Tuesday, January 11, 2011
ObamaCare: the repeal of first stage economic thinking
The government solution to a problem is usually as bad as the problem. - Milton Friedman
Thomas Sowell has written extensively that politicos have a short political time horizon i.e. the next election cycle. Politicos then match their short term political time horizon to first stage economic effects of policy proposals. Matter-of-fact, Sowell wrote an entire book regrading first stage economic thinking entitled Applied Economics, thinking beyond stage one. (1)
Government solutions and the ObamaCare Repeal vote Wednesday 01/19/2011
The vote next week to repeal ObamaCare is odd out. That is, Friedman's advice is coming home to roost. Politicos always cave-in or never can quite muster a vote on the concept: "The Government solution to the problem is usually as bad as the problem". Never quite bring ourselves to test Friedman's quote. Ah, but the evil of it all.....next Wednesday Friedman is coming to bat.
Political time horizons and first stage economic consequences
Friedman's observation above and Sowell's "thinking beyond stage one" are worth considering regarding ObamaCare and much legislation in general. The basic premise is that legislation can have immediate economic consequences that are favorable. This short term favorable economic consequence matches the short term political time horizon of politicos. However, the exact same legislation has long term unfavorable economic consequences (known-knowns) as well as long term cascading unintended economic consequences (known-unknowns).
The long term economic consequences of legislation is not a concern of politicos as their focus is on a short term political time horizon i.e. next election. Hence legislation becomes a tool to create first stage favorable economic consequences to match a short term political time horizon. The problem immediately arises that legislation in fact creates long term economic consequences. These long term consequences are what James and Jane Goodfellow, their children, grand children, and so on must live with for years and decades to come. The Politico on the other hand merely wants to win the next election.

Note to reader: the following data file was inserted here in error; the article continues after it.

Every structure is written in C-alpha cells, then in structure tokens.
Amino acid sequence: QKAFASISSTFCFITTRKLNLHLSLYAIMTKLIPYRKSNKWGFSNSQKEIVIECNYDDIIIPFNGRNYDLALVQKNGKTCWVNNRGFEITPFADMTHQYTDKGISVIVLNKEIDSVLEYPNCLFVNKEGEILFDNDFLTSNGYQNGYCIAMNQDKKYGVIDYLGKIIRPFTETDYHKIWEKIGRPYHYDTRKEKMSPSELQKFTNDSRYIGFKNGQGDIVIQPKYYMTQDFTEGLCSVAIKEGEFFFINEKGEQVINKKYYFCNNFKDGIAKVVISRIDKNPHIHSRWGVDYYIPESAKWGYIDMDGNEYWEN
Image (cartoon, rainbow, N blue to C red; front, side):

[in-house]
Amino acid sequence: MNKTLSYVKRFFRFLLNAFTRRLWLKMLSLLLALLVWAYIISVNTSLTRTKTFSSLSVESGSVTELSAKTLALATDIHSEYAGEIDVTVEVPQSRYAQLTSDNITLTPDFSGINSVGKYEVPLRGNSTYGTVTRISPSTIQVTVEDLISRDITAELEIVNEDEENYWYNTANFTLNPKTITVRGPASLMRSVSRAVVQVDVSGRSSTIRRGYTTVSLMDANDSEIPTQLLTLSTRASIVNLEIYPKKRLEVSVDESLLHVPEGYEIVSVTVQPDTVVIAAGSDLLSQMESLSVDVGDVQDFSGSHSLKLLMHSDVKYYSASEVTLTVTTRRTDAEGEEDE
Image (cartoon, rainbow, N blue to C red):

Therefore we have policy making politicos of the short term world creating long term economic consequences for the long term world that James and Jane Goodfellow live within. Real life examples abound. Social Security had major short term favorable economic consequences and hence matched the short term political time horizon of legislators of the time. Decades later James and Jane Goodfellow find that the unfunded future liabilities of Social Security are daunting. Merely take the term Social Security in the prior sentence and plug in Medicare, Medicaid, welfare, food stamps, public sector pensions, etc., etc.. The legislation created short term favorable economic consequences followed by cascading unintended economic consequences.
Behind the curve, ahead of the curve, and the 70 year dream
An odd out item with ObamaCare aka socialized medicine is that certain political groups have been pushing for socialized medicine for decades and decades stretching back at least seventy years. The socialized medicine scheme, when debated in 2009 and 2010, was referred to as a "dream" by proponents. A seventy year old dream.
Exactly what grand scheme had been developed and tested during these seventy years of dreaming? If one wants an item for seventy years wouldn't one have developed a comprehensive plan with details? Apparently not. In essence seventy years of a dream of socialized medicine was kept right in the dream world with nothing more developed than a fuzzy theme with no plan. For a group that wants to rely so heavily on government central planning it seems odd that for seventy years they forgot to develop a central plan. You might say proponents were/are seventy years behind the curve as ObamaCare was/is a cobbled together plan that boils down to a scheme of centralized price fixing. Problem is: central planning fails miserably and price fixing schemes have never worked in all of economic history. (2) (3) Brilliant! A failed delivery system delivering a known failed result!